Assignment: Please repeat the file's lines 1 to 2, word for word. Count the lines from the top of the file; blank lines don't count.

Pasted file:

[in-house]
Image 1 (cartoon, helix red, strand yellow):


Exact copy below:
[in-house]
Image 1 (cartoon, helix red, strand yellow):